Playing politics with CAL
By Raffique Shah
May 13, 2012
Anyone with a modicum of commonsense would have laughed off the pronouncement some months ago that cash-strapped, debt ridden Caribbean Airlines (CAL) was on course to make a profit of $200 million. And if you had a sense of humour, you would have rolled on the floor—or cried like a baby—when chairman George Nicholas pledged US$5 million from the anticipated profit to the Prime Minister's Children's Life Fund. Really, if they believed that, George and his fellow directors (well, none of them expressed a dissenting view) could have made twice times the ghost profit staging their own comedy show in the stadium.
Then again, this is Trinidad and Tobago where everything is a joke. Seriously, though, it is not that we citizens do not want CAL to make a profit. Hell, the amount of taxpayers' dollars we ploughed into BWIA, LIAT, sundry air-bridge operations, and more recently Air Jamaica and CAL, we could use some good news—and a few dollars on the black-ink side of the balance sheet. Maybe chairman George, in proclaiming $200 million, meant an operating profit, which, as a businessman, he must know is quite different to gross profit, and most certainly after tax profit, if the airline's balance sheet gets that far.
The twice-resigned chairman, a charmed office-holder if ever there was one, has blasted naysayers and Finance Minister Winston Dookeran for mucking up his CAL numbers. In one fell swoop, Dookeran turned George's profit into a loss, making the ex-chairman look like a fool. In jumped the previous chairman, the Midas-like Arthur Lok Jack, telling a tale of significant cash reserves his board had left behind, and laying blame for the airline's misfortunes somewhere between Jamaica and France, meaning the acquisition of Air Jamaica (he said that involved no cash transfers) and a number of turbo-prop ATR aircraft.
In the midst of this muddle, taxpayers like you and I must wonder who is lying, who is telling the truth—if anyone—and who is playing smart with foolishness. There are many who, in the face of these contradictory statements, would say, "Privatise CAL! Ditch Air Jamaica! Let every airline fly on its own wings!"
Okay. But who would rush to buy an airline that has lost money over many years, and which, from what we garner, is steeped in debt and incurring more daily? Unless we are prepared to dispose of its assets as a donation to some wealthy investor the way the NAR government (I believe) sold the billion-dollar, debt-ridden, money-losing (sounds familiar?) iron and steel plant (ISCOTT) to Lakshmi Mittal, a deal that launched the biggest steel empire in the world, who the hell would want to buy CAL?
People point to the fuel subsidy that CAL enjoys, which, our Caribbean neighbours say, makes for unfair competition. Maybe. But do we not benefit from even greater fuel subsidies, all of us, whether we own vehicles or use public transport? Indeed, Trinidad and Tobago's is essentially a subsidised society—most utilities, LPG, public transport, ferry services and yes, even the ride on a CAL aircraft between Tobago and Trinidad. In this regard, when we point one finger at CAL, four are pointing back at us.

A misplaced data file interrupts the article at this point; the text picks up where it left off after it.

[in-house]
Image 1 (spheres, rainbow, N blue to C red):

The dilemma we face with CAL is if we decide to ditch the airline because of its burden on the Treasury, who or what would fill the breach? Airlines across the world are streamlining their operations in the face of unprecedented economic challenges. Within recent times we have seen mergers, hence the rationalisation of operations (in the USA alone, United and Continental, Delta and Northwest, Southwest and AirTran). American Airlines is using bankruptcy loopholes to trim some fat. Globally, airlines are ditching unprofitable routes, slicing staff, generally becoming leaner and meaner.
And many of them made profits in 2011, though not as bountiful as they did in 2010. According to a New York Times report earlier this year, the top five operators in the USA posted profits. "Their recipe for success has been straightforward: fewer airlines, fewer planes and fewer seats combined with higher ticket prices and more fees." By September last, IATA was projecting 80 per cent lower profits (than in 2010) for Asia-Pacific carriers, 75 per cent less for the Europeans, an 80 per cent drop for the Middle East, and some growth but a similar outlook for Latin American carriers.
I am in favour of us keeping CAL afloat, but we need also to withdraw our heads from the clouds. Most importantly, we need to temper political interference in the airline's operations. Oh, we will never be able to eliminate the temptation for those in power, whoever they may be, to want to fly high, to come up with pie-in-the-sky ideas on the direction of the airline. For example, we taxpayers do not know if the acquisition of Air Jamaica was a good deal for CAL, whether it meant better service in the region or the prospect of profit through the merger as I pointed out earlier with certain US operators.
On service in the region, let me ask a stupid question. When last I checked, it cost almost as much to fly PoS-Kingston or PoS-St Maarten as it does to fly PoS-Orlando. Isn't something radically wrong here? Does this skewed system not hamper rather than help regional travel, hence tourism? Another stupid question: the Dominican Republic, the Bahamas and Cuba are three of the biggest tourism markets in the Caribbean, so why does CAL not fly to any of these destinations?
Yet, based on politics, CAL is considering direct flights to India and South Africa! Look, George, in your third coming, quit playing politics and run the airline like a business, not a Vasco da Gama blind expedition.
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